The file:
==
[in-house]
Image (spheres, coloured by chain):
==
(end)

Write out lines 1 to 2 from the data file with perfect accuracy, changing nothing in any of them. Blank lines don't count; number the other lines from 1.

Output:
[in-house]
Image (spheres, coloured by chain):